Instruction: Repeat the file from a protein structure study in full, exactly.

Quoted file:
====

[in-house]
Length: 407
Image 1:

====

[in-house]
Length: 407
Image 1: